FRANCE

Anti-homeless fences built around benches spark uproar

The city of Angouleme in southwestern France is trying to deal with the problem of homeless people.
The city of Angouleme in southwestern France is trying to deal with the problem of homeless people. Franco Folini

The decision by the local council of a town in southwest France to put fences around public benches, a day before Christmas, to prevent homeless people from using them sparked uproar Thursday.

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The right leaning UMP local council of Angouleme, a town in southwest France, said it took this decision in conjunction with shopkeepers from a neighbourhood where benches “are almost exclusively used by people who consume alcohol on a regular basis everyday”.

The shopkeepers also pointed out that the presence of these homeless people brought down the number of customers.

Many people living in Angouleme said they were deeply offended by this measure that “lacked humanism” during the Christmas holidays.

“Guantanamo? No, no, Angouleme,” mocked one person on the internet while other people threatened they would boycott the city’s comics book festival.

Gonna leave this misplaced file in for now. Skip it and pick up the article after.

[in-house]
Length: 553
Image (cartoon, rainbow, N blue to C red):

“What a shame, this is not France,” former socialist MP Guillaume Garot said.

Responding to these criticisms, the director of the mayor’s cabinet did not rule out the possibility to remove the fences after noticing some dysfunctions, without questioning however the foundation of his initiative.

The deputy in charge of security Jean Guiton had already explained that the fact these fences had been installed a day before Christmas was a pure coincidence, adding that this measure was part of a bigger plan to guarantee the city's security.

 

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